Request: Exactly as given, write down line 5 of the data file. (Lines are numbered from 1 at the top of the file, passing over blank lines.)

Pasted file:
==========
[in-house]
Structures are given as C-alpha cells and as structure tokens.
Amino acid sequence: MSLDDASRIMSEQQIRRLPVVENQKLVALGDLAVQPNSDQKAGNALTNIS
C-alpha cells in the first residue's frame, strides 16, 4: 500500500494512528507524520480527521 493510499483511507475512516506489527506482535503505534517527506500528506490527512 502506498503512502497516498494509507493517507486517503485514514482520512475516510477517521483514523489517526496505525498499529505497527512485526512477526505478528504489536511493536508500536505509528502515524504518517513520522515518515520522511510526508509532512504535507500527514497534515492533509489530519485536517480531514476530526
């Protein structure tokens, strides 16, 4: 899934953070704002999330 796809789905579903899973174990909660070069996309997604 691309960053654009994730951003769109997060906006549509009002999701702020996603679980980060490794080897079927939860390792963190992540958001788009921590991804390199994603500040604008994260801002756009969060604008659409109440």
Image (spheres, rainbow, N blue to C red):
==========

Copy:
């Protein structure tokens, strides 16, 4: 899934953070704002999330 796809789905579903899973174990909660070069996309997604 691309960053654009994730951003769109997060906006549509009002999701702020996603679980980060490794080897079927939860390792963190992540958001788009921590991804390199994603500040604008994260801002756009969060604008659409109440």